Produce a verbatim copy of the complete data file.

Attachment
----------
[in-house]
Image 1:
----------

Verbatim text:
[in-house]
Image 1: